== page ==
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Hoffmann, R. A wiki for the life sciences where authorship matters. Nature Genetics (2008)

Pathogenesis of coffee-induced gastrointestinal symptoms.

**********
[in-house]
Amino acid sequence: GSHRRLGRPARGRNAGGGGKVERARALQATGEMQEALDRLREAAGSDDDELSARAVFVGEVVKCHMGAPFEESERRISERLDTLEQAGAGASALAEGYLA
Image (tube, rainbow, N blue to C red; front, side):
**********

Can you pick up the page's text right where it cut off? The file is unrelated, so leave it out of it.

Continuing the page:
Heartburn was the major gastrointestinal symptom associated with drinking coffee in 31 subjects. These symptomatic subjects had a diminished basal lower-esophageal-sphincter (LES) pressure, 8.3 +/- 1.1 mm Hg, as compared with the pressure in asymptomatic subjects, 19.4 +/- 1.3 mm Hg (P less than 0.01), in response to four separate doses of coffee. LES pressure increased in normal subjects but changed only minimally in the symptomatic group (P less than 0.01). Basal acid output was similar in both groups, but the maximal acid response to coffee was paradoxically greater in normal subjects, 20.9 +/- 3.6 meq per hour, than in the symptomatic group, 9.4 +/- 1.5 meq per hour (P less than 0.01). During coffee instillation into the stomach, 26 of 31 symptomatic subjects (83 per cent) had heartburn at the highest dosage. Cimetidine, but not placebo, reduced acid secretion and heartburn in response to coffee, suggesting that acid was required for the development of symptoms. These studies suggest that LES dysfunction and gastroesophageal reflux, rather than gastric hypersection, are responsible for the heartburn caused by coffee in certain susceptible persons.[1]


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